The Nine men of the title are a British WWII Army patrol stuck in a desert fort during the African campaign. The Men must defend the fort against the Italian and German troops until they ... See full summary »
Entertaining ensemble piece dealing with several characters who are on the way to the races on Derby day. It cleverly blends dramatic, romantic and comic elements, including the woman and ... See full summary »
The Four Men of the title are British WWI veterans who decide to work secretly against enemies of the country. They aren't above a bit of murder or sabotage to serve their ends, but they ... See full summary »
Francis L. Sullivan
Karger is behind all the cattle rustling. After Tom Devlin catches his man Burke in the act, Burke hides evidence against Karger in his jail cell. Later when Tom is jailed he accidentally ... See full summary »
A greedy businessman is charging outrageous prices to homesteaders who wish to join a wagon train he's organizing to travel from Missouri to California. Meanwhile, he has broken the treaty ... See full summary »
Lt. Cranford lives the life of a playboy sportsman until the outbreak of war when he joins the Royal Navy and is assigned to convoy protection duties. The convoy is a part of the vital supply chain that is all that is allowing Britain to fight off the Nazi threat. A German battleship targets the convoy protection ships and a deadly game of cat and mouse ensues. Written by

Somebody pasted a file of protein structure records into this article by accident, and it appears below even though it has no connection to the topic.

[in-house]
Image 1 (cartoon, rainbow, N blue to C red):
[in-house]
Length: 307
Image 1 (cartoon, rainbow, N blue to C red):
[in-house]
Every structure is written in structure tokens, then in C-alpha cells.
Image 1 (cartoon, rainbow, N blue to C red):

Steve Crook <email@example.com>
There are shots of actual destroyers, including HMS Imogen (D44), HMS Isis (D87) and HMS Griffin (H31). See more »
The U37 Commander says to take the submarine down to 50 feet. Being German, he should have said 15 meters, as Germany used the metric system. The Officers on the Deutschland, later in the movie, use metric measurements. See more »
Opening credits prefatory title: " CONVOY" is dedicated in all gratitude to the Officers and Men of the Royal and Merchant Navies. Their cheerful co-operation made it possible to present the many scenes in our film which were taken at sea under actual wartime conditions. See more »
The title to this review is according to legend the remarks of Noel Coward when coming out of a screening.To those of you too young to know Gamages was a big department store on the corner of High Holborn and Grays Inn Road,which in its toy department sold lots of model planes and boats.If you look at the battle scenes it is quite apparent that the crew of this film have never been further than the water tank that used to be situated under the floor of the main stage at Ealing.There are lots of familiar faces such as the up and coming Michael Wilding and Stewart Granger.This is essentially stiff upper lip flag waving material.Which is enjoyable if rather dated,so just suspend your disbelief when watching this.
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